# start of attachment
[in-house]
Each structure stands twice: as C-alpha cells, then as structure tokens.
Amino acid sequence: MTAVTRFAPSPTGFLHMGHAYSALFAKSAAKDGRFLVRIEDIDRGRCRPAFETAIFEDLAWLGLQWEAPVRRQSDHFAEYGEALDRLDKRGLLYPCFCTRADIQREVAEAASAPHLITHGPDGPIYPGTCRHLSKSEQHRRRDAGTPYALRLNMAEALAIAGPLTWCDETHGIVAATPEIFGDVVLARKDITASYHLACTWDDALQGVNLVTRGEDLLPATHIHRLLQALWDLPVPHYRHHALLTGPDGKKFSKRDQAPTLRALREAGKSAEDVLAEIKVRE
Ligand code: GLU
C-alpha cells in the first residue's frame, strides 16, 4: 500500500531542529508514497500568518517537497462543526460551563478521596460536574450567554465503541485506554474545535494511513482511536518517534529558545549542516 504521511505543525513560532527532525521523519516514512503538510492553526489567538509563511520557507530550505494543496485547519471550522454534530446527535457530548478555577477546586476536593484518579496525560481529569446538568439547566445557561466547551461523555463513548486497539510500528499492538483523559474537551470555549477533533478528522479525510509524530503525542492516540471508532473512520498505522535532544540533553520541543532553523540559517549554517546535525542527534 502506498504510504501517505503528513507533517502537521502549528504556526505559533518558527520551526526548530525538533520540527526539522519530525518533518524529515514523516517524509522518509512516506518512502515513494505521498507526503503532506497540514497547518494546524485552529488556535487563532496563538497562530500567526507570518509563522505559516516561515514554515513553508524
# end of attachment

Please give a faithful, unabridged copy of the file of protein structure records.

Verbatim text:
[in-house]
Each structure stands twice: as C-alpha cells, then as structure tokens.
Amino acid sequence: MTAVTRFAPSPTGFLHMGHAYSALFAKSAAKDGRFLVRIEDIDRGRCRPAFETAIFEDLAWLGLQWEAPVRRQSDHFAEYGEALDRLDKRGLLYPCFCTRADIQREVAEAASAPHLITHGPDGPIYPGTCRHLSKSEQHRRRDAGTPYALRLNMAEALAIAGPLTWCDETHGIVAATPEIFGDVVLARKDITASYHLACTWDDALQGVNLVTRGEDLLPATHIHRLLQALWDLPVPHYRHHALLTGPDGKKFSKRDQAPTLRALREAGKSAEDVLAEIKVRE
Ligand code: GLU
C-alpha cells in the first residue's frame, strides 16, 4: 500500500531542529508514497500568518517537497462543526460551563478521596460536574450567554465503541485506554474545535494511513482511536518517534529558545549542516 504521511505543525513560532527532525521523519516514512503538510492553526489567538509563511520557507530550505494543496485547519471550522454534530446527535457530548478555577477546586476536593484518579496525560481529569446538568439547566445557561466547551461523555463513548486497539510500528499492538483523559474537551470555549477533533478528522479525510509524530503525542492516540471508532473512520498505522535532544540533553520541543532553523540559517549554517546535525542527534 502506498504510504501517505503528513507533517502537521502549528504556526505559533518558527520551526526548530525538533520540527526539522519530525518533518524529515514523516517524509522518509512516506518512502515513494505521498507526503503532506497540514497547518494546524485552529488556535487563532496563538497562530500567526507570518509563522505559516516561515514554515513553508524